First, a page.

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June 17, 2013 5:15 PM Disapproval Isn’t Defection

By Ed Kilgore

So today’s big news from the world of public opinion surveys is a new CNN/ORC poll that shows the president’s job approval rating dropping from 53% in May to 45% in June. The slide seems to have occurred to some extent in nearly every measurement of Obama’s leadership, including his management of the economy (which has been tangibly improving) and his handling of “illegal immigration” (where his views have been very close to public opinion for a long time).

The purveyors of this poll did not vouchsafe us, so far at least, access to the internals that might show how the approval “slide” broke out by partisan, ideological or demographic category, with one big exception: an 18% drop in job approval from Americans under thirty.

It’s a shame CNN/ORC didn’t supply similar numbers for under-30s on individual issues. Are they frustrated with the slow recovery of the economy? Are they anxious about Syria? Or, as one might expect, are the “scandals” involving terrorism-related surveillance the main problem?

Funny thing is: steady majorities overall support the surveillance activities that have been in the news, and also support prosecution of Edward Snowden.

The closest thing to a hint we have about the relationship of the surveillance issues to Obama’s job approval numbers is in the answers to this question:

Do you think the Obama administration has gone too far, has been about right, or has not gone far enough in restricting people’s civil liberties in order to fight terrorism?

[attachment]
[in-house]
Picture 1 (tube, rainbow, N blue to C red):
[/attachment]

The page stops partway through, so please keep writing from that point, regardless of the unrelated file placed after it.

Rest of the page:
43% answered “too far,” 38% “about right,” and 17% “not enough.” CNN/ORC usefully compares these number to an identical question asked during the Bush administration, which received quite similar answers (other than a higher number for “not far enough.”).

It seems pretty likely that Obama’s approval rating is getting hit from left and right—from people who disliked the surveillance policies under Bush as well, who when combined with people who dislike everything Obama does, makes up a significant majority.

That’s bad for the president, and is a reminder that hewing close to the ideological center on some issues doesn’t always translate into popularity for this president since it sacrifices support from the Left while opposition from the Right would persist even if Obama tried to channel Dick Cheney.

But it’s not necessarily good for Republicans, since a significant share of those who are newly expressing disapproval of the president might well object even more to Republican policies.

So aside from the fact that this is a single poll taken 17 months before the midterm elections, it’s important to remember that disapproval isn’t the same thing as defection, which should be kept in mind before anyone translates Obama’s disapproval ratings into some putative GOP landslide in 2014.

Ed Kilgore is a contributing writer to the Washington Monthly. He is managing editor for The Democratic Strategist and a senior fellow at the Progressive Policy Institute. Find him on Twitter: @ed_kilgore.

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